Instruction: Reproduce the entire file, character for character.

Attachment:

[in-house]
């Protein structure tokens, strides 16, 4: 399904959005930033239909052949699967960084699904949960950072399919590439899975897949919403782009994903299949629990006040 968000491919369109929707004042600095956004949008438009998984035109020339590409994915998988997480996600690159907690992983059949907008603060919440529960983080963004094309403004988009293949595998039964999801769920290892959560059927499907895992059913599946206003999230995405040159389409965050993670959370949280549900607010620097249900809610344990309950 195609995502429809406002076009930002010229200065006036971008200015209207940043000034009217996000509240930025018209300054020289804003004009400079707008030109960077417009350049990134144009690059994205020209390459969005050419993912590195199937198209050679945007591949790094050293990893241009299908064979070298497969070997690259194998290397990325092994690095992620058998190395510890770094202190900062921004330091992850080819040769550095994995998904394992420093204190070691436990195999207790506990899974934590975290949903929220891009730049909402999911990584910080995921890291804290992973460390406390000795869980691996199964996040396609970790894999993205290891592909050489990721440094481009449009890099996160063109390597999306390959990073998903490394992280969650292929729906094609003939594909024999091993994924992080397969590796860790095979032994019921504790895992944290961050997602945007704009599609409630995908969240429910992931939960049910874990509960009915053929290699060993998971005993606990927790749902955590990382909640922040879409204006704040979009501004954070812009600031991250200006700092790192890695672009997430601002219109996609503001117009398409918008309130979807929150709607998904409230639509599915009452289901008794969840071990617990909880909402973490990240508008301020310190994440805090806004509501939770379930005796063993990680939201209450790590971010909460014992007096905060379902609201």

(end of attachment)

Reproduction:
[in-house]
């Protein structure tokens, strides 16, 4: 399904959005930033239909052949699967960084699904949960950072399919590439899975897949919403782009994903299949629990006040 968000491919369109929707004042600095956004949008438009998984035109020339590409994915998988997480996600690159907690992983059949907008603060919440529960983080963004094309403004988009293949595998039964999801769920290892959560059927499907895992059913599946206003999230995405040159389409965050993670959370949280549900607010620097249900809610344990309950 195609995502429809406002076009930002010229200065006036971008200015209207940043000034009217996000509240930025018209300054020289804003004009400079707008030109960077417009350049990134144009690059994205020209390459969005050419993912590195199937198209050679945007591949790094050293990893241009299908064979070298497969070997690259194998290397990325092994690095992620058998190395510890770094202190900062921004330091992850080819040769550095994995998904394992420093204190070691436990195999207790506990899974934590975290949903929220891009730049909402999911990584910080995921890291804290992973460390406390000795869980691996199964996040396609970790894999993205290891592909050489990721440094481009449009890099996160063109390597999306390959990073998903490394992280969650292929729906094609003939594909024999091993994924992080397969590796860790095979032994019921504790895992944290961050997602945007704009599609409630995908969240429910992931939960049910874990509960009915053929290699060993998971005993606990927790749902955590990382909640922040879409204006704040979009501004954070812009600031991250200006700092790192890695672009997430601002219109996609503001117009398409918008309130979807929150709607998904409230639509599915009452289901008794969840071990617990909880909402973490990240508008301020310190994440805090806004509501939770379930005796063993990680939201209450790590971010909460014992007096905060379902609201």